A Windows XP help forum. PCbanter

If this is your first visit, be sure to check out the FAQ by clicking the link above. You may have to register before you can post: click the register link above to proceed. To start viewing messages, select the forum that you want to visit from the selection below.

Go Back   Home » PCbanter forum » Windows 10 » Windows 10 Help Forum
Site Map Home Register Authors List Search Today's Posts Mark Forums Read Web Partners

1903 and keyboards



 
 
Thread Tools Rate Thread Display Modes
  #1  
Old July 9th 19, 06:04 AM posted to alt.comp.os.windows-10
Eric Stevens
external usenet poster
 
Posts: 606
Default 1903 and keyboards

I have two computers. One a fairly recent machine I call Corsair based
on an Asus X00-AII with an i7-6800K CPU and the other being a nearly
10 year old Dell XPS something or other an i2-2600. Both are running
Windows 10 Pro with the 1903 update. Both are equipped with Logitech
USB keyboard and mouse, although not the same model. The DEll has very
recently experienced a change of keyboard and mouse.

Since the update both machines have experienced keyboard problems but
Corsair has recently lost its mouse unti after a repair install and a
reboot.

The problem with Dell is that it does not respond to text entry until
some time after the machine has started. This makes password entry
(and hence logging on) difficult. At first you can type anything you
like and get absolutely no response. After two or three minutes you
will get a response but the first two or three characters are missing
and I have to start again. I have to watch the screen like a hawk to
ensure that the machine responds to each keystroke. After some time
the machine appears to respond normally.

I have not encountered this problem if I boot in safe mode. This seems
to suggest that with a normal boot one or more of the lesser services
are tripping over something and preventing Dell from detecting the
keystrokes. However whatever it is does not seem to interfere with the
screen cursor's response to the mouse.

I could go through deleting one service at a time and then trying
rebooting to see if that solves the problem. Howevere I have only a
few more years to live and I would be grateful for any suggestions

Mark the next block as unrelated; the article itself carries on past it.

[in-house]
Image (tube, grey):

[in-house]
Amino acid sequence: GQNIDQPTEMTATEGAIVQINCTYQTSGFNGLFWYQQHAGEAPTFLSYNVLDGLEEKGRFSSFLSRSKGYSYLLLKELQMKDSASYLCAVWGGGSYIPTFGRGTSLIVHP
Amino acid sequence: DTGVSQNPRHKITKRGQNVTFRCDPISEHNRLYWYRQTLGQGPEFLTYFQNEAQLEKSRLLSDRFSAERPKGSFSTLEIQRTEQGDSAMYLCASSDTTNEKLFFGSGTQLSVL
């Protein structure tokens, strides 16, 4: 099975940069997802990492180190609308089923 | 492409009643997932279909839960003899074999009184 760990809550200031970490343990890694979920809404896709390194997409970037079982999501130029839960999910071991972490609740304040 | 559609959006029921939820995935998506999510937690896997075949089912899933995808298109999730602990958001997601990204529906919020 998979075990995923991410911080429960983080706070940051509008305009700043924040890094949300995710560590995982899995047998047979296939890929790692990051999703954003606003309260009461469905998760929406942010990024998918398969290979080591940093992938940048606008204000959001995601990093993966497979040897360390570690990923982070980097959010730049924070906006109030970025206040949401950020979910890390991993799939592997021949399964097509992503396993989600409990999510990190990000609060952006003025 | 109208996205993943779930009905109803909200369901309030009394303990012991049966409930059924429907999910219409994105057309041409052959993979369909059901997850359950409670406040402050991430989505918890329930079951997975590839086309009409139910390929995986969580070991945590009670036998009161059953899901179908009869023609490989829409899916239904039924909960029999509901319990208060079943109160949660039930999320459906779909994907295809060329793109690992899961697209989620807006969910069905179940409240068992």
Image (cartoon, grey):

that might speed up the testing process.

The other problem manifests itself mainly on Corsair although Dell
occasionally suffers from it also. What happens is that I will be
happily typing away and I will suddenly realise that without any
warning characters have stopped appearing on the screen in response.
All I have to do is select the starting point with the cursor,
left-click, and start typing.

All that makes me think that the two types of problems might be
connected is that the both started after 1903, both involve keyboards
and mice, both keyboards and mouse are of the same make (although not
the same model) and there could be a common factor which has arrived
with 1903.


Regards,


Eric Stevens
Ads
  #2  
Old July 9th 19, 07:01 AM posted to alt.comp.os.windows-10
Peter Jason
external usenet poster
 
Posts: 2,163
Default 1903 and keyboards

On Tue, 09 Jul 2019 17:04:19 +1200, Eric Stevens
wrote:

I have two computers. One a fairly recent machine I call Corsair based
on an Asus X00-AII with an i7-6800K CPU and the other being a nearly
10 year old Dell XPS something or other an i2-2600. Both are running
Windows 10 Pro with the 1903 update. Both are equipped with Logitech
USB keyboard and mouse, although not the same model. The DEll has very
recently experienced a change of keyboard and mouse.

Since the update both machines have experienced keyboard problems but
Corsair has recently lost its mouse unti after a repair install and a
reboot.

The problem with Dell is that it does not respond to text entry until
some time after the machine has started. This makes password entry
(and hence logging on) difficult. At first you can type anything you
like and get absolutely no response. After two or three minutes you
will get a response but the first two or three characters are missing
and I have to start again. I have to watch the screen like a hawk to
ensure that the machine responds to each keystroke. After some time
the machine appears to respond normally.

I have not encountered this problem if I boot in safe mode. This seems
to suggest that with a normal boot one or more of the lesser services
are tripping over something and preventing Dell from detecting the
keystrokes. However whatever it is does not seem to interfere with the
screen cursor's response to the mouse.

I could go through deleting one service at a time and then trying
rebooting to see if that solves the problem. Howevere I have only a
few more years to live and I would be grateful for any suggestions
that might speed up the testing process.

The other problem manifests itself mainly on Corsair although Dell
occasionally suffers from it also. What happens is that I will be
happily typing away and I will suddenly realise that without any
warning characters have stopped appearing on the screen in response.
All I have to do is select the starting point with the cursor,
left-click, and start typing.

All that makes me think that the two types of problems might be
connected is that the both started after 1903, both involve keyboards
and mice, both keyboards and mouse are of the same make (although not
the same model) and there could be a common factor which has arrived
with 1903.


Regards,


Eric Stevens



I would try defaulting to the US keyboard & language settings because
this worked for me after weird symbols appeared when typing.
  #3  
Old July 9th 19, 10:25 AM posted to alt.comp.os.windows-10
VanguardLH[_2_]
external usenet poster
 
Posts: 10,229
Default 1903 and keyboards

Eric Stevens wrote:

I have two computers. One a fairly recent machine I call Corsair based